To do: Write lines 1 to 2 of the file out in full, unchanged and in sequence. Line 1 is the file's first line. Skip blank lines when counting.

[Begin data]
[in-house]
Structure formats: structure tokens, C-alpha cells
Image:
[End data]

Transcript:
[in-house]
Structure formats: structure tokens, C-alpha cells